That lack of available, appropriate, skills is also impacting higher up the chain, with Patterson noting that because businesses are clamouring for the skills, those that have them aren’t progressing into governance careers as much as they could be.

“One of the things we’re always trying to encourage is for those senior digital executives, whether CIOs or CTOS, to be serving on a couple of boards as well and sharing their skills. We think it makes them better executives when you are involved in governance as well, and in different companies – it gets you thinking outside your own business.

“But there’s just not enough of the ‘digital directors’ to go around.”

One perhaps surprising aspect of the MIT Sloan report was the size of the gap between the digital savvy CIO and CTOs bring to the c-suite, versus that of the CEO: 47 percent of CTOs and 45 percent of CIOs possess digital savvy according to MIT Sloan. Just 23 percent of CEOs can say the same about themselves.

It’s a result that suggests even CIOs and CTOs need to be upskilling for a different technology future – and one that isn’t just based around infrastructure.

“That’s a broader challenge for business – that digital doesn’t mean computer systems and infrastructure anymore,” Patterson says.

“That’s one of the challenges for boards. In the same way that all boards are responsible for finance, each board member is also responsible for digital. They can’t just have that one expert on the board.”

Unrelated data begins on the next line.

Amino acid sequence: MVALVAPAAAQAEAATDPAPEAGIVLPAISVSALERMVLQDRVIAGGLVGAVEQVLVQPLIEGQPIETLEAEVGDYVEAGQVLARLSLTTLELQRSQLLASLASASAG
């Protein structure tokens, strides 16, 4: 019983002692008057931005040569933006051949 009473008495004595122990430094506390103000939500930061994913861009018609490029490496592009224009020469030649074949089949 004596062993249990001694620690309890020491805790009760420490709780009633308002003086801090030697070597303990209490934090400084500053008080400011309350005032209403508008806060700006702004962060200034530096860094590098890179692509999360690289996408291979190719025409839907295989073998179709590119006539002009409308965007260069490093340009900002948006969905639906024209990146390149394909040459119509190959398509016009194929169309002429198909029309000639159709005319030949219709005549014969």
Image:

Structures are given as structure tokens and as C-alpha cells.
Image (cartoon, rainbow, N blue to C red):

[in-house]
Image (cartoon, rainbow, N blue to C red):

All directors need to be upskilling in digital and be able to challenge and test and know what ‘good’ looks like, she says.

Patterson says when it comes to the areas executive teams and boards are most needing help, it’s around business models and the future of work.

“Before Covid we were all worried about the robots, right, they were going to be taking over our jobs. And then we all tried to work from home and would have quite liked the occasional robot to take over,” she says, laughing.

“That is still very much on the agenda: What is the future of work going to look like, and some of the digital transformation around that.

“And our business models. What is the Uber or Netflix equivalent of your industry, how will consumer behaviour move to subscription type models – those issues. and how you extract value in an online world.”

But Patterson also points to a huge need for innovation in areas such as agritech, saying if we’re going to compete on the world stage and address some of our challenges around climate, then energy, innovation, agritech, future of food are areas that we as a nation need to be leading on.

So how do you build a digitally savvy team?

Patterson offers up three tips:

Be curious “The really great directors that we see are really curious. They are engaging in issues, in content and learning from a real range of sources. That’s critical for all of us as directors. We’re all responsible for finance, we’re all responsible for digital and innovation, we’re all responsible for climate. So we all have to take that responsibility to upskill.”

Surround yourself with diversity “That way you will be exposed to what the ‘youth of today’ are doing and more connected to things outside of your normal networks.

Actively seek to upskill, follow a range of leaders, influencers and futurists, read about interesting and unusual future trends. “Stay connected to what is happening in different trends to see potential.”